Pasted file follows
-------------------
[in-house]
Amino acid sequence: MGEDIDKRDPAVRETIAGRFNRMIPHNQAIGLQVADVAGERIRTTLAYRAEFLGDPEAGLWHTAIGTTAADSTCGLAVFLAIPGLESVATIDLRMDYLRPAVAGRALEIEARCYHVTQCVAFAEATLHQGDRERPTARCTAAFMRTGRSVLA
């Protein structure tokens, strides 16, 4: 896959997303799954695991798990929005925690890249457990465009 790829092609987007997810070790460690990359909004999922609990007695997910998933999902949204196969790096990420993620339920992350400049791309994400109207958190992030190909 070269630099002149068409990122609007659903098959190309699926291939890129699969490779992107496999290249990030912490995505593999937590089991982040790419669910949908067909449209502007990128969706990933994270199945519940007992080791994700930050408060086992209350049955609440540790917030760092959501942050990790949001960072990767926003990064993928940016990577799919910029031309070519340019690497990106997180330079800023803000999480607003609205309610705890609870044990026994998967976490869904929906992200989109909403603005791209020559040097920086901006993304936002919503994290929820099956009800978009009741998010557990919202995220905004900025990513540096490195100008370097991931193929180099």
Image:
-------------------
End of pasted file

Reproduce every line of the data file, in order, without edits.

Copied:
[in-house]
Amino acid sequence: MGEDIDKRDPAVRETIAGRFNRMIPHNQAIGLQVADVAGERIRTTLAYRAEFLGDPEAGLWHTAIGTTAADSTCGLAVFLAIPGLESVATIDLRMDYLRPAVAGRALEIEARCYHVTQCVAFAEATLHQGDRERPTARCTAAFMRTGRSVLA
């Protein structure tokens, strides 16, 4: 896959997303799954695991798990929005925690890249457990465009 790829092609987007997810070790460690990359909004999922609990007695997910998933999902949204196969790096990420993620339920992350400049791309994400109207958190992030190909 070269630099002149068409990122609007659903098959190309699926291939890129699969490779992107496999290249990030912490995505593999937590089991982040790419669910949908067909449209502007990128969706990933994270199945519940007992080791994700930050408060086992209350049955609440540790917030760092959501942050990790949001960072990767926003990064993928940016990577799919910029031309070519340019690497990106997180330079800023803000999480607003609205309610705890609870044990026994998967976490869904929906992200989109909403603005791209020559040097920086901006993304936002919503994290929820099956009800978009009741998010557990919202995220905004900025990513540096490195100008370097991931193929180099």
Image: